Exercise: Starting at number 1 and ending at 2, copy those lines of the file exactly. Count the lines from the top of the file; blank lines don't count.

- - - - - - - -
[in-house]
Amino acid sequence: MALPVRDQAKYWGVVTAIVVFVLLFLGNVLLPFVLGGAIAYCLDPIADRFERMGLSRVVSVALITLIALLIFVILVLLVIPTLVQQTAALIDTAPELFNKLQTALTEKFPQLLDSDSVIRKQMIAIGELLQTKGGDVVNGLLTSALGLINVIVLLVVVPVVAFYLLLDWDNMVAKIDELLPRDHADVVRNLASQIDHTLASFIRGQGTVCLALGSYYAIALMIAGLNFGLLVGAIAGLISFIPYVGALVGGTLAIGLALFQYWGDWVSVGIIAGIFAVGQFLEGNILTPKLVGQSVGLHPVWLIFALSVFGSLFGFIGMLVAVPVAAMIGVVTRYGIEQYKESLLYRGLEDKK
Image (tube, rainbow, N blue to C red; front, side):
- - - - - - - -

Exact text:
[in-house]
Amino acid sequence: MALPVRDQAKYWGVVTAIVVFVLLFLGNVLLPFVLGGAIAYCLDPIADRFERMGLSRVVSVALITLIALLIFVILVLLVIPTLVQQTAALIDTAPELFNKLQTALTEKFPQLLDSDSVIRKQMIAIGELLQTKGGDVVNGLLTSALGLINVIVLLVVVPVVAFYLLLDWDNMVAKIDELLPRDHADVVRNLASQIDHTLASFIRGQGTVCLALGSYYAIALMIAGLNFGLLVGAIAGLISFIPYVGALVGGTLAIGLALFQYWGDWVSVGIIAGIFAVGQFLEGNILTPKLVGQSVGLHPVWLIFALSVFGSLFGFIGMLVAVPVAAMIGVVTRYGIEQYKESLLYRGLEDKK